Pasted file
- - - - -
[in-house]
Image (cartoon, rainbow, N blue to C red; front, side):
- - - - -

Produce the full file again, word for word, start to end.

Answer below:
[in-house]
Image (cartoon, rainbow, N blue to C red; front, side):